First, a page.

Friday, May 17, 2013


The Brontosaur’s neck is spiderwebbed with red
and strung with a piercing necklace
of Allosaurus incisors. Talons slash and rip
crimson gashes in the upholstery of its hide.  
The behemoth bellows, lashes its tail.
Head whips dizzy eyewhites flash
in agony. All the illustrations
from this most treasured of library books
titled simply DINOSAURS are tattooed
on the inside of my skull. I can still flip
to where a saber-toothed something
claws at the rug of a woolly something else,
both beasts stuck and sinking
into the black gunk of history.
Thirty years later and there they are,
all of them, for real, as if projected
from the back of my brain onto
the top floor of the Natural History Museum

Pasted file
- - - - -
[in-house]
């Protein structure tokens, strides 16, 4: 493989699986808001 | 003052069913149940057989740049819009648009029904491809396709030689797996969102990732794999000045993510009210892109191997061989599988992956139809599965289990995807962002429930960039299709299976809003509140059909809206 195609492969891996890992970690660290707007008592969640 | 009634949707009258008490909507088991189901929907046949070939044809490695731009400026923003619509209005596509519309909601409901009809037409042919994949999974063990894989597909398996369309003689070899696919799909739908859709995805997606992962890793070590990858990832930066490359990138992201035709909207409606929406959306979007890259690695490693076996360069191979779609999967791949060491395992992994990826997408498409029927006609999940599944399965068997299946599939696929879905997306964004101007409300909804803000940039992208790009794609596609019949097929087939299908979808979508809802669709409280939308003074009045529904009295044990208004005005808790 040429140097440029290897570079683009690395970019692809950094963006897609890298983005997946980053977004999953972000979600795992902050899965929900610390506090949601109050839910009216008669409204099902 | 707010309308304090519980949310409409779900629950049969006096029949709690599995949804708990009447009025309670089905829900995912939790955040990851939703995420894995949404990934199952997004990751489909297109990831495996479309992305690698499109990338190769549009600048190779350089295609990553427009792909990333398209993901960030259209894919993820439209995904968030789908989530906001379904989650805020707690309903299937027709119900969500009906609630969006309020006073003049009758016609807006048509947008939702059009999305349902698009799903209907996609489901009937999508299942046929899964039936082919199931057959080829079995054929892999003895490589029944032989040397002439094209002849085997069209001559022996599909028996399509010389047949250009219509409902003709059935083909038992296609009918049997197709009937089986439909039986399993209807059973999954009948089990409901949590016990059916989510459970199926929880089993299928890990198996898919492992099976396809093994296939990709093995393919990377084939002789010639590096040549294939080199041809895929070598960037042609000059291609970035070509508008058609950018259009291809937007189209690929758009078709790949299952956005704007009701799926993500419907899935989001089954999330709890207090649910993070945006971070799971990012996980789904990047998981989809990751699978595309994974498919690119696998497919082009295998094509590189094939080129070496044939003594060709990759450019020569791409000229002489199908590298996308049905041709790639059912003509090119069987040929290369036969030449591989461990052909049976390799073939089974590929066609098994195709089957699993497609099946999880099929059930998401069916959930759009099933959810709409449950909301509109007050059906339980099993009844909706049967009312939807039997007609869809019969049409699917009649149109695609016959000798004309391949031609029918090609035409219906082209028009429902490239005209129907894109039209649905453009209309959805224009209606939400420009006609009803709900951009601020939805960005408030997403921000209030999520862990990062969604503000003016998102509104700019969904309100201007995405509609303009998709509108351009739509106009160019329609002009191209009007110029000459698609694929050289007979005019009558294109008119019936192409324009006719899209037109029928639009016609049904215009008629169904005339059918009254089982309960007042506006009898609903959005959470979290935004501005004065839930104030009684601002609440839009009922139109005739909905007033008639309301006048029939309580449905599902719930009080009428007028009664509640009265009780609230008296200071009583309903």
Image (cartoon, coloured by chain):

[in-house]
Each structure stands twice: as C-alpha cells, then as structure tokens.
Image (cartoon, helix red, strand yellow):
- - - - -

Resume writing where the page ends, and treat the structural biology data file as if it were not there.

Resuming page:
then stripped of flesh: The Archaeopteryx,
flapping and flailing like a dancing kachina doll.
The  Sherman tank Ankylosaur.
The ridiculous duckbills. The splayed deck of cards
teetering atop the Stegosaurus’s spine.
All of them solid, no longer paper-flat.
Pterodactyls strung from the ceiling
by their knuckles. Gargantuan amphibians,
Mordex and Eryops and Diadectes,
and yes, the Brontosaur, though they don't
call them that anymore, it's Apatasaurus now
but still just as impressive, even reduced to a scaffold
of steel-reinforced bones, still ridden
by its carnivorous tormentor.
Strange that it took me so long to get here.
That little boy who flipped the pages
is long gone, his skeleton preserved
within the thunder lizard’s ribcage,
clutching the bony bars,
happily imprisoned in the Jurassic,
preferring its monsters to the less
spectacular ones awaiting him outside.

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